Trent is absolutely correct. What I wrote was very depressing and fatalistic. However, I think it very important to be coldly honest about things, no matter how bad they look. Once you’ve done that, you then have the right information necessary for fixing the situation.

My problem with most of the debate about the future space policy of the United States, — as well as innumerable other modern issues faced by our government — is that people don’t seem to want to face up to the reality of the problem. In the case of space and Obama, I doubt any advice, gentle or otherwise, is going to move him into putting forth a plan for NASA that has any realistic chance of getting passed by Congress. As I noted in a different post, he doesn’t play the game. He acts like the worst sort of autocrat, convinced that if he simply says what he wants to do, everyone must agree.

The reason the good part of his plan (commercial space) is not passing Congress is not because people think it is a bad idea. It is being rejected because » Read more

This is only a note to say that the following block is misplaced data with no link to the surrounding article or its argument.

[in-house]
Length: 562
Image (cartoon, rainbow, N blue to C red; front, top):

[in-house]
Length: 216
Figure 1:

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Griffin’s take on the Obama space plan

On August 6 former NASA administrator Mike Griffin bluntly attacked the Obama proposals for NASA in a speech at the 13th Annual International Mars Society convention in Dayton, Ohio, Key quotes:

We’re not going anywhere and we’re going to spend a lot of money doing it.

The US space program has not accomplished as much in its last 15 years as in its first 15 years, given more money. So, if you like that, you’ll really like the next decade, in which we do almost nothing and spend just as much.

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PG police kill another dog

Yesterday a sheriff’s deputy from Prince George’s County, Maryland, shot and killed a family dog while trying to serve an eviction notice. This comes two years after a mistaken raid by Prince George’s police of the home of the mayor of Berwyn Heights killed his two dogs. Key quote:

[Mayor] Calvo, who is suing Sheriff Michael A. Jackson, alleging his deputies engaged in excessive force when they killed his dogs, said deputies have shown a disturbing propensity to kill family pets. “This is part of a pattern,” Calvo said. From 2005 to 2008, deputies shot at least nine dogs in eight incidents, according to sheriff’s department records.

The real horror of this story for those of us who live in Prince George’s County and own dogs (as I do) is that Michael Jackson is running for county executive, and in some polls, is leading the pack.